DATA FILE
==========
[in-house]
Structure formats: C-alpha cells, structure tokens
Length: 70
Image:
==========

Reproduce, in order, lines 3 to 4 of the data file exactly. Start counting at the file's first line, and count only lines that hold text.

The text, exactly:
Length: 70
Image: